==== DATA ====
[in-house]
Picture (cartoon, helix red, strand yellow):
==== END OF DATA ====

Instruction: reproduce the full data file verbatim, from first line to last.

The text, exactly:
[in-house]
Picture (cartoon, helix red, strand yellow):